"No man who had not gone through a thoroughly sound training, and who had not been familiar with the mind and system of the Fathers, could have succeeded as our Saint had done in so delicate an operation."
In the "Prologue", St.Thomas wrote:
"The book, most Holy Father, Pope Urban, which your Excellency called to my attention, I have studied carefully and have found expressed in it much that is useful to the affirmation of our faith. I believe, however, its fruitfulness for many persons could be considerably diminished because of some perplexing statements contained in texts of the holy Fathers, and so could provide the quarrelsome with the material and occasion for calumny. And so, after eliminating all ambiguity from the authorities found in the aforesaid book so that the purest fruit of the faith might be harvested, I have proposed first to explain what seems perplexing in the abovementioned authorities, and then to show how by means of them the truth of the Catholic faith may be taught and defended."
Most of his examination deals with the doctrine of the Procession of the Holy Spirit. The 9th c. patriarch Photius and the patriarch Michael Cerularius of 1054 fame, had unfortunately misled the Byzantines to insist that the Holy Spirit proceeded "from the Father alone". In 31 brief Chapters of Part II of his work St. Thomas, a superb metaphysician, refuted subtle objections to Catholic doctrine, concluding that:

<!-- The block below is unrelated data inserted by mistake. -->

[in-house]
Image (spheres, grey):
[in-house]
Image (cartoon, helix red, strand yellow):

"The Holy Spirit proceeds [from all eternity] from the Son for reasons affirmed equally by the Latin and Greek Doctors."
In Part II, there occur two remarkable passages regarding the intrinsic connection between two dogmas of the Catholic faith that are worth profound meditation on the part of theologians presently involved in theological discussions studying the role of the Bishop of Rome in the history of the Church during the first thousand years.
"So, also, at the present time, some are described as dissolving Christ by diminishing His dignity so far as this lies in their power. In saying that the Holy Spirit does not proceed from the Son, they lessen His dignity, since He together with the Father is the Spirator of the Holy Spirit. In denying, moreover, that there is one [visible] head of the Church, namely, the Holy Roman church, they clearly dissolve the unity of the Mystical Body; for there cannot be one body if there is not one head, nor one congregation if there is not one congregation if there is not one ruler: hence, John 10:16: 'There will be one fold and one shepherd". (Prologue)